Book Review: Guy Kawasaki’s What the Plus! Google+ for the Rest of Us
In addition to the array of technical advice on navigating Google+, savvy marketers will be intrigued by Kawasaki’s insights on Google’s Social Search and the social media landscape.
Kawasaki calls Google’s recently launched Social Search feature ―through which Google search results now include information from your Google+ connections― a paradigm shift because who you know (on Google+) can now influence what you know (via Google Search). This is great news for marketers, he says. “Post stuff about a topic, and you’ll probably be included when your friends search for the topic,” he says.
In the image below, you can see my results for doing a search on the topic of “social search.” The first line of results shows that there are 120 different posts on this topic by my Google+ connections.
Google+ and the Social Media Landscape
Kawasaki claims Google+ is superior to Facebook and Twitter, even though it hasn’t caught on as fast. “Google+ is to Facebook and Twitter what Macintosh is to Windows,” he writes. “Better, but fewer people use it, and the pundits prophesy that it will fail.”
Kawasaki, however, predicts that Google+ “will not only tip, but it will exceed Facebook and Twitter.”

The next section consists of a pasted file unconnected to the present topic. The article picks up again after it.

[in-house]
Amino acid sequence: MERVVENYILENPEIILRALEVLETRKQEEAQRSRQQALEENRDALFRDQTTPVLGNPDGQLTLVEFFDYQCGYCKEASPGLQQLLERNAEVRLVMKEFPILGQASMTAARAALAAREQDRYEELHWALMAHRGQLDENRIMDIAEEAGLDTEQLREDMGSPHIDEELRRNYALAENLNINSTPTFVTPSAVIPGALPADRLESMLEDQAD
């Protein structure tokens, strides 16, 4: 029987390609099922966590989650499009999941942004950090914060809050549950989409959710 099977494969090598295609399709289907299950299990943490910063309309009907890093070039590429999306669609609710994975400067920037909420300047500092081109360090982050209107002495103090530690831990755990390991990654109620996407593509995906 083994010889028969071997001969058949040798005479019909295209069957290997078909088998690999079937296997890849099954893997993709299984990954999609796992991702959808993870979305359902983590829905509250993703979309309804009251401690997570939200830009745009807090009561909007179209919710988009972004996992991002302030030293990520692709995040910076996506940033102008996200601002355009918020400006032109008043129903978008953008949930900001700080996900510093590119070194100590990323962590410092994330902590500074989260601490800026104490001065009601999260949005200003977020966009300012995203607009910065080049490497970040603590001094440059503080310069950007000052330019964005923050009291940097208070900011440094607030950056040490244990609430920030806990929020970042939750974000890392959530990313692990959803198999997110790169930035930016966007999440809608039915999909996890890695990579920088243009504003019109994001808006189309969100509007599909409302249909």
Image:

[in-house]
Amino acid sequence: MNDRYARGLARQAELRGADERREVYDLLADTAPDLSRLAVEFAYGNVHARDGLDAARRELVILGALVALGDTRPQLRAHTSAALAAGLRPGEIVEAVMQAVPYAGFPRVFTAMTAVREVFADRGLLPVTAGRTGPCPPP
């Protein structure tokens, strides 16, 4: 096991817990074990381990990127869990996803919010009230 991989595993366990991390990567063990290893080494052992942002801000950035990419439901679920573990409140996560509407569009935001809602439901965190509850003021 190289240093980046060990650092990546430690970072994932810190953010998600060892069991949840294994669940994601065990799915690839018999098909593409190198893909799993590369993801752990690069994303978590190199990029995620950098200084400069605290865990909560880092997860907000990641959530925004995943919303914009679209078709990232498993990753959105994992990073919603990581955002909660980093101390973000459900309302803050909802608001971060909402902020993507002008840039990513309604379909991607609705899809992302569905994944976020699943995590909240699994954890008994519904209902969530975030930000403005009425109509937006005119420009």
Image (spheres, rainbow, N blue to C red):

- Google has a good track record
- Google is dead serious about this business
- Google has infinite money and talent
- Google owns “the river” (i.e. it is the dominant web search tool)
- Google owns the playing field (i.e. Gmail, Chrome, phones and tablets)
Most importantly, “Google brings indomitable power to Google+ ―roughly equal, I’d say to Apple having Steve Jobs as a CEO,” Kawasaki writes. Google+, he adds, is also the best place to pursue your passions with people you don’t already know. “Ask yourself if you want to enhance and expand the number of people who share your passions,” he writes. “If the answer is no, stick with Twitter and Facebook until Google+ reaches critical mass.”
When I picked up Kawasaki’s book, I already agreed that Google+ ―which recently hit 100 million users― was a superior product (see earlier blog post, A Few of My Favorite Things About Google+). Yet I had let my own account languish as I waited for Google+ to reach critical mass (see previous post, Google+ Here and Now).